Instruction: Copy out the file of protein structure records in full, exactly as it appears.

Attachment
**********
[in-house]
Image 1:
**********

[in-house]
Image 1: